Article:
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Cloud Nothings’ “Up to the Surface” is a Perfect Rock Song for When You’re Stressed (Video Premiere)

Cloud Nothings’ “Up to the Surface” is a Perfect Rock Song for When You’re Stressed (Video Premiere)

You know that unnerved, agitated feeling you have the day following an upsetting dream you don’t exactly remember? I have always associated that mysterious phenomenon with Cleveland’s Cloud Nothings, a four-piece known for tense but cathartic guitar-driven rock music (they have an album called Attack on Memory, after all). In their brand new music video for “Up to the Surface,” they escalate that same kind of nightmarish dread to the scale of a dystopian future in which humanoid robots do the exact same mundane tasks as humans.

The lead track on this year’s Life Without Sound, “Up to the Surface” is an encapsulation of that moment when you first wake up steeped in horror. After a plaintive, interlocking piano and guitar phrase boil over, frontman Dylan Baldi introduces the album: “I came up to the surface, released the air.” That moment of release already feels necessary mere moments into the record, like he’s been holding his breath since the final song of the album before. It’s a killer opener for an album that calms the band’s anxiety-fueled fever dreams into a more manageable state.

For the music video for “Up to the Surface,” director AUJIK constructed a grey dystopia populated by little artificially intelligent bots who drone around a dense cityscape. Baldi was a fan of the environment the director built for his Spatial Bodies videos but wanted to explore the kinds of people that might inhabit an unsettlingly futuristic place. “AUJIK decided to make a sort of continuation of that Spatial Bodies series,” Baldi told Nerdist, “but this time with more focus on the hobbies of little blocky computer people. I think they’re cute, even though they inhabit some kind of desolate future void world.”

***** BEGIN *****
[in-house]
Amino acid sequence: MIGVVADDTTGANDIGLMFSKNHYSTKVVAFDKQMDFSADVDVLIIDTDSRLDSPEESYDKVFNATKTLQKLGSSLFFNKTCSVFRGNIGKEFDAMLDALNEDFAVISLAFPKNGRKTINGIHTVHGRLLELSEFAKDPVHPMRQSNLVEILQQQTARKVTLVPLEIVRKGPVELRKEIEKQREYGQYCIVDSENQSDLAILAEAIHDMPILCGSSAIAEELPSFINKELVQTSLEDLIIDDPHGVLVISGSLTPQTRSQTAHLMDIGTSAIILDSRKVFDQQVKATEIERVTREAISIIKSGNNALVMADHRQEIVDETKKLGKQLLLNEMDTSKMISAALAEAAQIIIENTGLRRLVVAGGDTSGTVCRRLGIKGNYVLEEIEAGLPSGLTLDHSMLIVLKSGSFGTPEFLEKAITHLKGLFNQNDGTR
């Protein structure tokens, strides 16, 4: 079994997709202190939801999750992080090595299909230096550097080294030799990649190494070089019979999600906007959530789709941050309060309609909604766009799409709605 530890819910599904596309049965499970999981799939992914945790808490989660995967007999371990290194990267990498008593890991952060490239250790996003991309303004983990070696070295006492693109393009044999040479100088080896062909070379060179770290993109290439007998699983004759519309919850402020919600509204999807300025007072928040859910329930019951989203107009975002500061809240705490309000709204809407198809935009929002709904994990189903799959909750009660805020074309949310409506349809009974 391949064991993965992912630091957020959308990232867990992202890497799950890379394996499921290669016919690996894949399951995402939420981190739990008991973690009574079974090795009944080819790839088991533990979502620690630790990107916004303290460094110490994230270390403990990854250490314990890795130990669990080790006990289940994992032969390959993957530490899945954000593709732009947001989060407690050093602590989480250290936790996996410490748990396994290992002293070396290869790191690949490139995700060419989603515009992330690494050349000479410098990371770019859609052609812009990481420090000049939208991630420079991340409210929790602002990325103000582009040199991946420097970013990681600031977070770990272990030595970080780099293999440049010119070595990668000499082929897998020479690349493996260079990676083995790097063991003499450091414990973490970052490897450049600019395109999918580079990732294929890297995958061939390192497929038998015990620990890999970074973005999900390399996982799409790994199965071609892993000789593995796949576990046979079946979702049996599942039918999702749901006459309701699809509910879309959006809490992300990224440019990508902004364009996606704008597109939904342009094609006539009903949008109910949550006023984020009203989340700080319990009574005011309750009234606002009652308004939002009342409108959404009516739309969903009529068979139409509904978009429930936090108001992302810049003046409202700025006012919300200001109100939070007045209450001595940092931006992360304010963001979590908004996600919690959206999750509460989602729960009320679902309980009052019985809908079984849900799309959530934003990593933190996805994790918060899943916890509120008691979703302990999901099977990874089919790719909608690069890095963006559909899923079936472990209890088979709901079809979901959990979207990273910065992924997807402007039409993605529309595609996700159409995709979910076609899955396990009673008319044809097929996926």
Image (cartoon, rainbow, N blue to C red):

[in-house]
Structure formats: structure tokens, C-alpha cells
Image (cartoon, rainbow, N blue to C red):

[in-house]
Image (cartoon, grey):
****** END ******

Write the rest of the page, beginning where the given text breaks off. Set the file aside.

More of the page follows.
According to AUJIK, the desolate future world is a “brutalist version of Kyoto and its suburbs from the perspective of a Japanese giant hornet.” As it moves through convenience stores, classrooms, Shinto temples, zen gardens, we see all manner of robots going about their potentially programmed routine.

If a post-apocalyptic city filled with robots doing tai-chi in the park and learning how to kick-flip on skateboards is your version of a nightmare, then consider this your warning. Otherwise, we hope you enjoy–let us know if you dig the track in the comments and on Twitter.

Featured Image: Jesse Lirola

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